In coastal waters, strong diel pH variations are often observed due to high biological production, upwellings or riverine input [1,2]. Superimposed on such natural pH variations, global oceans are being acidified due to continuously increasing atmospheric CO2 concentration and its subsequent increased dissolution, which will lead to an overall pH drop in the oceans of 0.3–0.4 units by 2100 [3,4]. In combination with eutrophication and hypoxia events, acidification may occur at a faster rate in coastal waters compared to open oceans . Therefore, short-term pH fluctuations may become larger with progressive ocean acidification. Such changes in the chemical environment may affect cytosolic pH  (and references therein) and cell homeostasis [7–9]. Therefore, it is of significance to examine the physiological responses of marine organisms to rapid pH changes in addition to their adaptive and evolutionary responses.
Marine diatoms contribute about 40% of oceanic primary productivity, playing a key role in carbon export to deep ocean waters and consequent regulation of global climate change [10,11]. In addition, diatoms also play an important role in the marine food web due to their high abundance and wide size distribution . Therefore, how diatoms respond to ocean acidification (OA) or multiple environmental forcings is of general significance. However, documented findings on the effects of OA have been controversial, showing OA either caused enhanced growth [13,14], had neutral effects or inhibited growth of diatoms . As one of the most sensitive mechanisms to changes in pCO2, the CO2 concentrating mechanism (CCM) has been suggested to be associated with a range of physiological processes ; consequently down regulation of CCMs under OA could have beneficial or detrimental effects under different light levels or treatment regimes [17,18].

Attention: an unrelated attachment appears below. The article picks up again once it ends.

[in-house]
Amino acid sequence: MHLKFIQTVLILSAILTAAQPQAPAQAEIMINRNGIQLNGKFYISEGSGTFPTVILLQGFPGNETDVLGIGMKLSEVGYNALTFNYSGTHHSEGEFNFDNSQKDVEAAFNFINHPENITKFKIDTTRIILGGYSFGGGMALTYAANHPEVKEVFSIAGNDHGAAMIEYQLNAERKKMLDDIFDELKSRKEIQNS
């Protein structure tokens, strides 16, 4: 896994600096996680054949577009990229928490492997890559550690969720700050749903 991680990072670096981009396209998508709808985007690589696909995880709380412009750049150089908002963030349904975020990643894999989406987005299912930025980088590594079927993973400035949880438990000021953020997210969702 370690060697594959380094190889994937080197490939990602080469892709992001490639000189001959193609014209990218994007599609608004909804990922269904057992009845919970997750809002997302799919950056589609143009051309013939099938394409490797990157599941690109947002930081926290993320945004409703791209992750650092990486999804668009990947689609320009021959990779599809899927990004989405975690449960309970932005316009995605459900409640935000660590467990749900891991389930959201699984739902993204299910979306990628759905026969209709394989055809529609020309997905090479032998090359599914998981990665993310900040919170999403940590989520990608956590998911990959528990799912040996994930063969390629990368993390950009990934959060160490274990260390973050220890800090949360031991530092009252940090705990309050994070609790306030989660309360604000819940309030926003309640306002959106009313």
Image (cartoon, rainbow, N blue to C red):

In coastal waters and upwelling areas with highly fluctuating pH, diatoms are often the dominant representative phytoplankton group . In these areas, pH fluctuations can exceed the 0.4 units predicted for the end of the century (and the same is true for corresponding CO2 levels . While they experience pH variations, the cells usually suffer from frequent CO2 limitation, over short time scales, that can be a selective pressure for phytoplankton with active CCMs . It is still unclear how diatoms may regulate their physiology to respond to rapid changes in pH and related changes in carbonate chemistry, and maintain a balance between photosynthetic efficiency and energy cost . CCM related genes have been shown to respond to CO2 changes within 1 hr when cyanobacteria were exposed to CO2-free conditions . However, since the downstream syntheses of CCM components should take longer if changes in gene expression are involved, how fast physiological responses to changes in carbonate chemistry occur remains unknown.
Since diatoms might activate anti-stress mechanisms quickly to cope with the fast chemical changes in coastal waters, to maintain CO2 supply when cells encounter carbon shortage . We therefore chose Thalassiosira pseudonana, a model diatom species frequently used for research in the past decades, to study whether diatoms can regulate physiological processes over a short timescale to respond to fast changes in pH/pCO2. This species is distributed in coastal waters as well as open oceans. When grown under OA conditions, the growth rate shows little response under low light [22,23] but suffers from inhibition under high light levels [17,24]. Here, we show that this diatom can modulate its photosynthetic physiology to quickly respond to pH/pCO2 changes, which may provide an advantage that allows it to outcompete other species in coastal waters.